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Manual Chapter: Configuring a TTL in a Return Code On Failure
Manual Chapter
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Overview: Configuring a SOA Negative Caching TTL in a Return Code on Failure

You can configure BIG-IP® DNS to return a start of authority (SOA) Negative Caching time-to-live (TTL). With this configuration, local DNS servers can cache a negative response. Negative caching reduces both the response time for negative DNS responses and the number of messages that must be sent between resolvers and local DNS servers.

About SOA records and negative caching

A start of authority (SOA) record contains a TTL by which a local DNS server can be configured to cache a Return Code On Failure to a query.

Task summary

You can configure DNS to provide a negative caching TTL for a domain name by performing these specific tasks.

Creating a pool with an applicable pool type

Ensure that at least one virtual server or wide IP exists in the configuration before you start to create a load balancing pool.
Create a pool in order to configure the BIG-IP® system to load balance global traffic.

Creating a pool with pool type A or AAAA

Create an A or AAAA pool type in order to configure the BIG-IP® system to load balance global traffic.
  1. On the Main tab, click DNS > GSLB > Pools .
    The Pool List screen opens.
  2. Click Create.
  3. In the General Properties area, in the Name field, type a name for the pool.
    Names must begin with a letter, and can contain only letters, numbers, and the underscore (_) character.
    Important: The pool name is limited to 63 characters.
  4. From the Type list, depending on the type of the system (IPv4 or IPv6), select either an A or AAAA pool type.
  5. In the Configuration area, for the Health Monitors setting, in the Available list, select a monitor type, and move the monitor to the Selected list.
    Tip: Hold the Shift or Ctrl key to select more than one monitor at a time.
  6. In the Members area, for the Load Balancing Method setting, from the Preferred List, select Round Robin.
    Tip: When deploying this implementation in a lab environment, to determine whether the BIG-IP® system returns the DNS response that you expect, try selecting the Global Availability method and disabling the first pool member in the list.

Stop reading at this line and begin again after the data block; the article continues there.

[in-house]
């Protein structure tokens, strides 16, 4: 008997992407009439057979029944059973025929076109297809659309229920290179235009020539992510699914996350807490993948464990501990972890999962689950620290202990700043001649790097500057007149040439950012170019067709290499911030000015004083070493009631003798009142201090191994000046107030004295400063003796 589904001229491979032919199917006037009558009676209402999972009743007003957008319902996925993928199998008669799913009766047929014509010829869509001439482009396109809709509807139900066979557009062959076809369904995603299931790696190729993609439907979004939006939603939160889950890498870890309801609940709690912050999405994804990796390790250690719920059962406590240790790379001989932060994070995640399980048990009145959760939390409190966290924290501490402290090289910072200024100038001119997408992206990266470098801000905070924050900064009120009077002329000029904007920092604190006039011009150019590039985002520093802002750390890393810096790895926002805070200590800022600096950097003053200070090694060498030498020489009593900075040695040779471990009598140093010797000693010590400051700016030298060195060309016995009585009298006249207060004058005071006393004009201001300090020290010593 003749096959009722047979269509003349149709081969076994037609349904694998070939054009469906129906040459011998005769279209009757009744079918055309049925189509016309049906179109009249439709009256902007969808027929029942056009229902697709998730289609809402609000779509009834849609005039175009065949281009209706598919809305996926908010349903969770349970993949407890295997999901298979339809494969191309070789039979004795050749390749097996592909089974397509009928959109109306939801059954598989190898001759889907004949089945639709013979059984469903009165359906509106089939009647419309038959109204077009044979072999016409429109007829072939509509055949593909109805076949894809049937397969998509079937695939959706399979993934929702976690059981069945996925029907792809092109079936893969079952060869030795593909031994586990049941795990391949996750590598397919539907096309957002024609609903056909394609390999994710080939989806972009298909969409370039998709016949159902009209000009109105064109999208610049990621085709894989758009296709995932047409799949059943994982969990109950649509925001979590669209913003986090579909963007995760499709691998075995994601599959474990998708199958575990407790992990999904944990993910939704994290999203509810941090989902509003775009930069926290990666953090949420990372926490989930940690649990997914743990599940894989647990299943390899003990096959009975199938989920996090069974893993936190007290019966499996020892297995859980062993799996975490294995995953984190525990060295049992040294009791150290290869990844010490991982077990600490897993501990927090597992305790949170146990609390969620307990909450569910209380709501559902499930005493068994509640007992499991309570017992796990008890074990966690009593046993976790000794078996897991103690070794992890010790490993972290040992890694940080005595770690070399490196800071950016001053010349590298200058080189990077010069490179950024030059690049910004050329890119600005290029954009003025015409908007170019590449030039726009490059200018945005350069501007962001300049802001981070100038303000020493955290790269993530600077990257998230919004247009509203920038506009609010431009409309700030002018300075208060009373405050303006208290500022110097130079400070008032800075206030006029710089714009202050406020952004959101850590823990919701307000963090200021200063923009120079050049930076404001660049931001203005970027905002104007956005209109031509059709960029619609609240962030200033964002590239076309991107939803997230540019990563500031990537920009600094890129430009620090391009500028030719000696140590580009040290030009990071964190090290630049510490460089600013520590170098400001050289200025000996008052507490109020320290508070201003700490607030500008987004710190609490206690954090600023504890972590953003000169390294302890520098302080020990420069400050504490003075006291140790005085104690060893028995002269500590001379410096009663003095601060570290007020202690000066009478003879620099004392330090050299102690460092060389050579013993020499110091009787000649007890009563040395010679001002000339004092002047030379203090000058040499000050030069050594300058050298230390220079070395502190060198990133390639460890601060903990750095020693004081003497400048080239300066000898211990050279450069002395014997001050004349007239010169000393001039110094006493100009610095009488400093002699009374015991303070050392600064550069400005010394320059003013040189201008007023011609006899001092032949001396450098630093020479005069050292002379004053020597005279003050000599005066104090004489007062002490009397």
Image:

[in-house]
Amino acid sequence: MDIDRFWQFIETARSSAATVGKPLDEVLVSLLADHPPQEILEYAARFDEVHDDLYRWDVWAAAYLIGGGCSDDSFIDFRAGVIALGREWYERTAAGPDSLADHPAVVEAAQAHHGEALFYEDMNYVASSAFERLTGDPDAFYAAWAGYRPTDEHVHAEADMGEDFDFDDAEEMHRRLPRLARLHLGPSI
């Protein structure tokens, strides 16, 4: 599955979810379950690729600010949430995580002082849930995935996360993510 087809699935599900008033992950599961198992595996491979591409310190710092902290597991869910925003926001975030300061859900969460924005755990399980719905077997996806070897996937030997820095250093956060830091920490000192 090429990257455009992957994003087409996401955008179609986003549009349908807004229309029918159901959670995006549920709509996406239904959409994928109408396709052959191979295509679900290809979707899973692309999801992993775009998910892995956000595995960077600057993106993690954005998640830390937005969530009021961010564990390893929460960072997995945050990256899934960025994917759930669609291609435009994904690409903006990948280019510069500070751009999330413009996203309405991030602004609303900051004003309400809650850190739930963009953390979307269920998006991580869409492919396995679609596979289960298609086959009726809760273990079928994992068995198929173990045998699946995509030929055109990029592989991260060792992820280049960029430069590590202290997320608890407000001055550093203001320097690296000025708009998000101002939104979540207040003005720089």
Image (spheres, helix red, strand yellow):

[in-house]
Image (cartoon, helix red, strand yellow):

7. From the Alternate and Fallback lists, select a static load balancing method, based on your network environment. Ensure that you select a load balancing method that does not take current server performance or connection load into account.
  8. In the Members area, for the Member List setting, add virtual servers as members of this load balancing pool.
    The system evaluates the virtual servers (pool members) in the order in which they are listed. A virtual server can belong to more than one pool.
    1. Select a virtual server from the Virtual Server list.
    2. Click Add.
  9. Click Finished.

Creating a pool with pool type NAPTR

Create an NAPTR pool type in order to configure the BIG-IP® system to load balance global traffic.
  1. On the Main tab, click DNS > GSLB > Pools .
    The Pool List screen opens.
  2. Click Create.
  3. In the General Properties area, in the Name field, type a name for the pool.
    Names must begin with a letter, and can contain only letters, numbers, and the underscore (_) character.
    Important: The pool name is limited to 63 characters.
  4. From the Type list, select the NAPTR type.
  5. In the Members area, for the Load Balancing Method setting, from the Preferred List, select Round Robin.
    Tip: When deploying this implementation in a lab environment, to determine whether the BIG-IP® system returns the DNS response that you expect, try selecting the Global Availability method and disabling the first pool member in the list.
  6. From the Alternate and Fallback lists, select a static load balancing method, based on your network environment. Ensure that you select a load balancing method that does not take current server performance or connection load into account.
  7. In the Members area, for the Member List setting, from the Flags list, select a flag.